Improvements in energy efficiency led to reduced energy requirements in the home. The projected savings in the table above are between 39 and 64 per cent over 2003 gas consumption levels. Hydrogen produced from natural gas will cost more compared with using natural gas directly. Increasing the energy efficiency and hence requiring less energy will offset this increase in gas price so that at the end of the day, the impact on customer bills will be minimal.

Table 1: Energy efficiency of British homes


The UK’s gas networks are overseen by a single technical regulator – the Health Safety Executive. It is an enabling regular that works with network businesses on the future of the gas networks, including participating in hydrogen safety case projects. This is a beneficial approach as the information provided by different trials and demonstration projects supports the national safety and business case for converging to hydrogen in gas networks. While Australia has an overarching Australian Standard – AS/NZS4645 – Gas Distribution Networks, the interpretation of this standard may differ between states, as each has its own technical regulator. Applying this model to hydrogen may result in duplication of projects to apply demonstration results from one jurisdiction to another.

On the other hand, economic regulators make assessments about the charges associated with the supply of the gas from networks. The Australian Energy Regulator oversees the east coast networks and the Economic Regulation Authority makes regulatory decisions for infrastructure in Western Australia. Australia’s gas networks have their five-year plans assessed at different times[ii], with ACT and SA’s plans finalised in 2021, Victoria’s in Oct 2022 and NSW in April 2025. Within the UK, OFGEM[iii] oversees all the natural gas networks and transmission networks and assesses their price control plans in the same period. This provides the advantage of a consistent approach to regulatory decisions but also allows networks to respond to major national policy decision (for example, the UK legislating a net-zero emission target by 2050) in a timely and coordinated response.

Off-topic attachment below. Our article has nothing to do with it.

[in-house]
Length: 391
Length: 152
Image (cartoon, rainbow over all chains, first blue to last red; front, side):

What about biomethane?

Even though this is a hydrogen plan, biomethane has not been forgotten. It is seen as a key fuel for transport and to replace natural gas in regions currently not connected to the network.


Australia, Germany and Britain are among the three leading countries on the pathway to decarbonise gas networks using hydrogen. There are differences in gas composition, network operating pressures and appliances, but there are also many similarities as the primary function of these networks is to deliver a gaseous fuel (and hence heating and cooking services) to consumers.

Even within Australia, while there are differences between jurisdictions there are more similarities.

Effective collaboration will allow all these regions to learn from each other in order to decarbonise networks faster. Let’s learn the 90 per cent that is similar and modify the 10 per cent to meet local conditions/ regulations, rather than duplicating efforts.